For all the advances in astronomy in mankind's history, scientists are still very much in the dark when it comes to black hole mergers, and nobody really knows what happens when they meet.
"It is a major embarrassment for astronomy that we don't know if supermassive black holes merge", stated Jenny Greene, a professor of astrophysical sciences at Princeton and co-author of the examine.
Astronomers don't have to wait much longer for their first glimpse of one of the biggest supermassive black holes collision in the cosmos.
Futurism writes that when these two black holes reach their final days, they will be giving off some gravitational waves which are a million times stronger than the ones that have been first discovered at LIGO, Flatiron Institute for Computational Astrophysics scientist Chiara Mingarelli said in a press release.More news: Lamar Odom, Baron Davis among those deactivated by Big3
The black holes described in this study are a whopping 2.5 billion light-years away from Earth, meaning that 2.5 billion years have passed since the two were in the state that we now see them in.
Titanic Twosome: A Princeton-led team of astrophysicists has spotted a pair of supermassive black holes, roughly 2.5 billion light-years away, that are on a collision course (inset).
Princeton graduate student Kris Pardo, a co-author on the paper, said, "When these supermassive black holes merge, they will create a black hole hundreds of times larger than the one at the center of our galaxy". If a passing gravitational wave stretches or compresses the space between Earth and the pulsar, the rhythm is slightly thrown off.
This puzzle is dubbed the "final-parsec problem".More news: Sir David Attenborough takes aim at Australia for lack of climate action
On the other hand, this is important because the existence of these black holes alone could help astronomers to better understand the black holes. The gravitational waves the two black holes generate prior to collision already dwarf those previously detected from the collision of small black holes and neutron stars. When material gets too close it's swallowed up, but in less active galaxies the black holes at their core don't have the gravitational might to continuously draw material from the surrounding galaxy.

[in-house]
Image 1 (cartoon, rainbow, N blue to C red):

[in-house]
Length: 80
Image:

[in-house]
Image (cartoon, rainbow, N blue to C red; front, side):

Scientists hunting for the more massive gravitational waves from supermassive black hole collisions rely on arrays of individual stars called pulsars that act like metronomes, sending out radio waves in a steady rhythm. Some astronomers believes that once two supermassive black holes get close enough together, reducing their distance to 1 parsec (3.2 light years), they may dance for an eternity.
If the final parsec problem doesn't exist, then astronomers expect that the universe is filled with the clamor of gravitational waves from supermassive black hole pairs. When galaxies merge, the supermassive black holes drift to the center of the newly unified galaxy and begin orbiting one another.
Although supermassive black holes can't be directly seen through optical telescope, they are surrounded by bright clumps of luminous stars and warm gas drawn in by their huge gravitational pull.More news: Inside the world premiere of The Lion King